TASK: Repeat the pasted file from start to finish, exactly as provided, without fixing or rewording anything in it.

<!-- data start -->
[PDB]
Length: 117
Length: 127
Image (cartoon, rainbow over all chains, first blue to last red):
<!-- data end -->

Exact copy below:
[PDB]
Length: 117
Length: 127
Image (cartoon, rainbow over all chains, first blue to last red):